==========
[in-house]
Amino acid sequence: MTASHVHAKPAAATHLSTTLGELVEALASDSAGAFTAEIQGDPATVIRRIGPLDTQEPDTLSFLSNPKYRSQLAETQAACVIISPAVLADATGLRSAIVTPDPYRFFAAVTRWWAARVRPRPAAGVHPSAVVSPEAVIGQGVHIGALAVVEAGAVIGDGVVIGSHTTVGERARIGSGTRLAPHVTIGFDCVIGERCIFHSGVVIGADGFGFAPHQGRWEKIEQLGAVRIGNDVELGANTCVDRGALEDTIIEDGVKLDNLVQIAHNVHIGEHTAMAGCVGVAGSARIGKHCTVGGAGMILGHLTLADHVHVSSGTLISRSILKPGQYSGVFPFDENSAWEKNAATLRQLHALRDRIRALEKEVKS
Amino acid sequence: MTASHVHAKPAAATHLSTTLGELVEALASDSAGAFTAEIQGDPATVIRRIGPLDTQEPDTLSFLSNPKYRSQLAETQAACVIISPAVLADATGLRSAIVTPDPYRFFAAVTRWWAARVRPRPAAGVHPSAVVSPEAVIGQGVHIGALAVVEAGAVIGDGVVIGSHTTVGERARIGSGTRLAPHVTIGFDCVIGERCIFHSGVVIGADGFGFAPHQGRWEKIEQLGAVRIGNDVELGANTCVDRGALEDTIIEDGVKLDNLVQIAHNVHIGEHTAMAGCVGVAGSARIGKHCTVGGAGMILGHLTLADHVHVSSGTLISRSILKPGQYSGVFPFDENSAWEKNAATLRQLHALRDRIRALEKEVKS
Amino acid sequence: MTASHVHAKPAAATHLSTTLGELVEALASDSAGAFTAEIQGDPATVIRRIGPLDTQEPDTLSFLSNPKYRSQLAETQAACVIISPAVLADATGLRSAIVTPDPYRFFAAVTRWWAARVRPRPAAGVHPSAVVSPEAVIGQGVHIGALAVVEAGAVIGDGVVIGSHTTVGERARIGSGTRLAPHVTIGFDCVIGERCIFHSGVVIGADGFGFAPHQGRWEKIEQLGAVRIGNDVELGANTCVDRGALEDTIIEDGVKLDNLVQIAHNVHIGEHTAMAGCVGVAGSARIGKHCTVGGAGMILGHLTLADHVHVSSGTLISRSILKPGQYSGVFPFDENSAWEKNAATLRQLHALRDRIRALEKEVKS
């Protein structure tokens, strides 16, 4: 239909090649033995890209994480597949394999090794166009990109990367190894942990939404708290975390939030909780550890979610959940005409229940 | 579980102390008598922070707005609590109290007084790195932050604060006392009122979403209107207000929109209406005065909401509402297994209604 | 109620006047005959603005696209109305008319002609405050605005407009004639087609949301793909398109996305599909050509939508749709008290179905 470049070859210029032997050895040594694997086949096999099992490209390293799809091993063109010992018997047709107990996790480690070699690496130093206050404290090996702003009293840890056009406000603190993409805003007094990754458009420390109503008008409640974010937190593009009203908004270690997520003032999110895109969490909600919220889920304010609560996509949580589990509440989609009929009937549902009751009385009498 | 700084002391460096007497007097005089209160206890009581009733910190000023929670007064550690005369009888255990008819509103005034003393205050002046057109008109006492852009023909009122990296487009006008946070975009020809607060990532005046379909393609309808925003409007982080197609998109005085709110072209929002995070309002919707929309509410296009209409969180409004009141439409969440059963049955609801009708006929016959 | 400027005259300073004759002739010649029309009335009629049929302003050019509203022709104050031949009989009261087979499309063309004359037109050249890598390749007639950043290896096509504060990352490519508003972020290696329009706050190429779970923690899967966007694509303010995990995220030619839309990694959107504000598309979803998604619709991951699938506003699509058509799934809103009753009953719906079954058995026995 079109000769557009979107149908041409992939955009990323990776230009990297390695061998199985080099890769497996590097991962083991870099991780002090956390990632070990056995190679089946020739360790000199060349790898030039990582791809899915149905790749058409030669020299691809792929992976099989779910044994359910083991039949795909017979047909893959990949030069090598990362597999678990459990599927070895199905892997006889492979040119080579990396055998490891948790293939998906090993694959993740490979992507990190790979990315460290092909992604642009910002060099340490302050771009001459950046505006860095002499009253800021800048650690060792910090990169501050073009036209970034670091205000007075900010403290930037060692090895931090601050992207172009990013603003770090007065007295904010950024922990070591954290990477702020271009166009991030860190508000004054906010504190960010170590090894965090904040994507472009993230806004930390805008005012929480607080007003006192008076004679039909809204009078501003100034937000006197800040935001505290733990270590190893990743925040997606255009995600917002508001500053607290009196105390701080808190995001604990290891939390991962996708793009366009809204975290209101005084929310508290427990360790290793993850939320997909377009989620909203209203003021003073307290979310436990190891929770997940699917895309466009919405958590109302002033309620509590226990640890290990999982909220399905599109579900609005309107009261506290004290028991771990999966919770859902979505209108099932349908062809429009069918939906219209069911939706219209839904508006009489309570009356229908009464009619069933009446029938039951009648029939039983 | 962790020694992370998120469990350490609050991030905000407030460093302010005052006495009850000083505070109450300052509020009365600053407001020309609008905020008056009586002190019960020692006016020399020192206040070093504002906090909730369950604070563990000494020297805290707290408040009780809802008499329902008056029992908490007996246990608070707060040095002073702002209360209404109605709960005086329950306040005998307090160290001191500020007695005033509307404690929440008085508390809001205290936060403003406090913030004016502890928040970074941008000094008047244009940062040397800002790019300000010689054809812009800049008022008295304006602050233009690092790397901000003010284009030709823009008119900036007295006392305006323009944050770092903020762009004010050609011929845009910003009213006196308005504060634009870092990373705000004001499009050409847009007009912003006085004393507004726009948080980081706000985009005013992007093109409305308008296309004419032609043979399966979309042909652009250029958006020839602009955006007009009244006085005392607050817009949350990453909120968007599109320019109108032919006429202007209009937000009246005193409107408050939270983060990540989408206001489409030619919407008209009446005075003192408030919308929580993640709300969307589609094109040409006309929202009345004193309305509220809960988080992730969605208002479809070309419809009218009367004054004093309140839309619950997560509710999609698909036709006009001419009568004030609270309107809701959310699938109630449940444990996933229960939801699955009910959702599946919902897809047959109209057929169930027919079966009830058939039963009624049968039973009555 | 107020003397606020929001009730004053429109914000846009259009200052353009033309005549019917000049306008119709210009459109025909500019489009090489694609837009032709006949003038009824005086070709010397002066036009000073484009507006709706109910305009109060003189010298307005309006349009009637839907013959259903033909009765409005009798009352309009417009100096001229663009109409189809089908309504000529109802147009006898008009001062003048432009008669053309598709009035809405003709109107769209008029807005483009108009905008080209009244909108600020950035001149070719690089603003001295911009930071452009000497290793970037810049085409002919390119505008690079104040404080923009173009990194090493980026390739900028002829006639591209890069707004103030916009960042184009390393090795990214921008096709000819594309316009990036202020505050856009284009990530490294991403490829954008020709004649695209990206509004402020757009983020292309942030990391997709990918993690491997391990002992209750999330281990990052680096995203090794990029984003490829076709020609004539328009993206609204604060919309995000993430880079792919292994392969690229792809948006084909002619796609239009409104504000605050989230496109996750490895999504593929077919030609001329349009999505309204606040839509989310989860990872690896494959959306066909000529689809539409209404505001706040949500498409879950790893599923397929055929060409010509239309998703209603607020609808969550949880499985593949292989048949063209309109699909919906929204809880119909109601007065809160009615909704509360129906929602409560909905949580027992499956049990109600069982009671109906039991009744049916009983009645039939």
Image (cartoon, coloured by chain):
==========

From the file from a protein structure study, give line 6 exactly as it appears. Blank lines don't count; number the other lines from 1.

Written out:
Image (cartoon, coloured by chain):